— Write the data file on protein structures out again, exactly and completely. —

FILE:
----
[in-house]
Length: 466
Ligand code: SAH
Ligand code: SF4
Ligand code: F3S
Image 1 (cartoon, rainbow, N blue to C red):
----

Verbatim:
[in-house]
Length: 466
Ligand code: SAH
Ligand code: SF4
Ligand code: F3S
Image 1 (cartoon, rainbow, N blue to C red):